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Dad of London Bridge victim says Boris Johnson ‘didn't see tragedy, he saw opportunity’

3 min read

The father of one of the London Bridge terror attack victims has accused Boris Johnson of using his son's death as "an opportunity to score some points in the election".

David Merritt, whose son Jack was murdered by Usman Khan last month, accused the Prime Minister of an “ill-considered intervention” when he called for tougher sentences for terrorists.

Speaking to Sky News he said: "What was required was just a dignified approach, whereby the politicians would express their regrets, express their condolences to the people affected and would then get on with campaigning in the election - it wasn't an election issue."

He added: "Instead of seeing a tragedy, Boris Johnson saw an opportunity, and he went on the offensive and started talking about extending the tariff for prisoners serving sentences with a maximum of 25 years."

Jack, 25, was one of two people killed by Khan, a convicted terrorist freed on licence after serving hallf of his sentence over a plot to bomb the London Stock Exchange.

He had been attending an event organised by the rehabilitation charity Learning Together when he carried out the deadly knife attack.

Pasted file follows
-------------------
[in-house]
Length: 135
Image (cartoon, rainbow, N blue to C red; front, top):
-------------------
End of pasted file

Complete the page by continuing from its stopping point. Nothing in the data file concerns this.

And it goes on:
Responding to the incident, Mr Johnson wrote an article criticising the "failed approaches of the past" and blaming sentencing laws brought in by Labour for leading to Khan’s early release.

But Mr Merritt said: "I thought, ‘this is totally irrelevant; this is nothing to do with this case’.

"You're talking about increasing the time that all prisoners have to spend in jail on the back of this one case and this person - Khan - was a convicted terrorist.

"Most of the people on the Learning Together course are not terrorists - yes, a lot of them are violent offenders, but why should they be punished even more for what this one individual has done?

"It was just such an ill-considered intervention, almost like a knee-jerk reaction. I think he saw an opportunity to score some points in the election.

"Immediately he said 'this is Labour's fault, they allowed this to happen, they had this early release policy and so on', and at that point I had to say something."



He said he felt "the situation was being exploited", adding: "It just struck me as being crass and insensitive and - as we've already said - Jack would have been extremely upset at the way things were developing."

Mr Merritt also said the PM made no effort to contact him before using Jack’s death to justify tougher sentencing.

Asked if he found the remarks offensive he said. “I did. There was attempt to reference us.

“No attempt to contact us and discuss this with us or with anybody else.”

He said police officers looking after the family did pass on a message saying the Home Secretary Priti Patel wanted to meet them to "express her condolences", but they declined.

A spokesperson for Mr Johnson said: "The Prime Minister has expressed his deepest condolences to Mr Merritt for his tragic loss - an experience no family should have to go through.

"The Prime Minister's view remains it is 'extraordinary and wrong' that Khan had been released halfway through his prison sentence and has long argued that sentencing should be tougher for violent and extremist offenders."

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